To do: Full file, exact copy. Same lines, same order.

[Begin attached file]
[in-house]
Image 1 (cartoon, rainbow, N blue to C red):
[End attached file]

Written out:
[in-house]
Image 1 (cartoon, rainbow, N blue to C red):